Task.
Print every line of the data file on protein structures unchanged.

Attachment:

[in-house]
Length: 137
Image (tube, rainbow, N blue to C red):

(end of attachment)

[in-house]
Length: 137
Image (tube, rainbow, N blue to C red):